Gaming Tonic
8Mar/1212

Experience 5th Edition a New Way: A Call to Dungeon Masters

RPG think of the experience points teddy bearThe group of gamers that I play with regularly are a mixed bunch as far as their styles and tastes go in their rpgs. In my recent Dungeons & Dragons game this has really become apparent. Some of my players are more combat and adventure oriented, while others enjoy character interaction with other character, NPCs, and the environment.

5th Edition should take a different approach. Mike Mearls stated the goal of the new edition as this:

"We want a game that rises above differences of play styles, campaign settings, and editions, one that takes the fundamental essence of D&D and brings it to the forefront of the game. In short, we want a game that is as simple or complex as you please, its action focused on combat, intrigue, and exploration as you desire."

With the current system of gathering experience in 4th Edition D&D this is almost impossible to achieve in my opinion. The reason is that those who enjoy gaining in numerical power (hit points, feats, powers, etc) will want to fight things because even with a few meager quest rewards the bulk of all the experience gathering is done during combat. I would like to propose a different way for a DM to deliver XP to the characters that allows everyone to play the game with a relaxed feeling that doesn't favor one type of player versus another. Give massive quest rewards for completing the story.  Give far less XP for completing individual elements of the story.  This allows the adventure to unfold at any pace and rushing off to combat something doesn't necessarily gain you a level.  Lots of other systems use reward systems like this.

Now I will explain what I mean and how I propose it to work. Let's say that you are designing an adventure about a kidnapping of a princess that will take characters from 1st to 2nd level and that takes 1,750 XP to achieve.  What if the successful return of the princess was worth 1,350 XP for successfully completing. Then the other 400 XP were made up of combat, information gathering, trap finding, or whatever else you as the DM think is worth some experience points. This could be smaller quest rewards if you choose like befriending the local druid or return the signet ring found to the rightful owner.  I believe much more than combat should gain experience.  In life I have learned many things and my ability to drive a car is in no way because I was streetfighting earlier in the week.

This system might not make combat the focus of some of your players as there is less to gain.  Some players will still want to get in fights, that is just the nature of some gamers and the game.  There is no right way to role-play as long as your style doesn't interfere with the other players ability to enjoy themselves.  That is also true of the actor style gamer who enjoys long interactions with other PCs and NPCs.  Your style is fine as long as you bear in mind that other players may enjoy a different style.  The system for XP I have described above awards all the players when there characters interact with the environment that pushes the story forward as finishing the adventure is where the bulk of the XP are to be gained.

This would change the way parties operated when it came to encounters.  I rarely find myself in 4E taking the time to prepare a battle field, have the rogue sneak up and lure the fire giants back into a well designed trap.  I am tough enough and am aware that the rules are designed that whatever is challenging me should be defeated assuming I began the encounter with a reasonable amount of resources still available.  If your bow ranger lures the fire giants out of their lair while the rest of the party infiltrates and steals all of their loot and rescues the princess the adventure is successfully completed.  If the party goes in with swords and spells blazing and defeats the fire giants the the adventure is successfully completed.  The experience point reward would be the same because the mission was completed.  If you choose to give out XP for the encounter with the fire giants does it matter what tactic was used to defeat them?  Should the manner that the party used to defeat the fire giants and rescue the princess adjust the XP reward?  I don't think it should.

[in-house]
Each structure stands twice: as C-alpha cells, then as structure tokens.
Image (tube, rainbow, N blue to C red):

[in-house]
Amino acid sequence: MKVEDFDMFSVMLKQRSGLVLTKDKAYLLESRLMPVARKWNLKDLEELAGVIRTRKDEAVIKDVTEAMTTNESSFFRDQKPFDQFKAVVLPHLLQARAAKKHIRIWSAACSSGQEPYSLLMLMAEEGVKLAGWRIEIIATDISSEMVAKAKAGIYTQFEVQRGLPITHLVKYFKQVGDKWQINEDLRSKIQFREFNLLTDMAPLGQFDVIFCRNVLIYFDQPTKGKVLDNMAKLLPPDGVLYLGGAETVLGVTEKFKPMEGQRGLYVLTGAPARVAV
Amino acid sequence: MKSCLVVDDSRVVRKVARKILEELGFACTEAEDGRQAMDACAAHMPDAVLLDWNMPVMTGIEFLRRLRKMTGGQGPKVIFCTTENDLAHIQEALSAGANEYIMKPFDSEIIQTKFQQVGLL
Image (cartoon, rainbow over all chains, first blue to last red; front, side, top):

The current XP award system discourages creative thinking.  Since 4E isn't as deadly as previous editions and other systems this is magnified even more.  If we only learn by engaging in combat then why do school systems have zero tolerance policies in our public schools?  If we want to produce children who are capable then by the current system schools would be gladiator camps.  In my life I have learned many things from talking to other people.  I have learned much from researching.  A good role-playing game will include the opportunity for many elements for the players.  That is the duty of the Dungeon Master.  We could all learn to share the game better by experiencing the same goal regardless of how we get there.  Until next time Roll Hard!

Comments (12) Trackbacks (0)
  1. Since switching to 4e, I don’t think I’ve played any D&D adventures that tied XP to monsters killed. Instead, XP has been awarded by session or adventure module.

    Basically, you get XP or level up at story-based milestones, chapter breaks, the end of the adventure, or whenever the GM feels the party needs to level up to meet the next set of challenges.

    In fact, this method is so popular among my friends, we adopted it for our 3rd edition game as well.

  2. Great compromise! When I run I prefer to just tell the party when they level, usually this is after some story reward. Some players don’t enjoy this as much, following the experience chart rules adds a sense of legitimacy. Objective based rewards gives the same sense that the experience was earned, but also allows the creative thinkers to use outside the box strategy and tactics.

    I don’t always roll, but when I do I Roll Hard.

  3. I have played it all types of ways over the years. I enjoy just controlling the leveling process as the DM but in systems where you can spend XP on magic item creation it is a bit stickier as XP means something. When the 5th Edition DMG is released if it had one sentence that said “or just level at the DM’s discretion” then lots of gamers would relax because there is no definite rule to break. This is true of lots of situations in the game.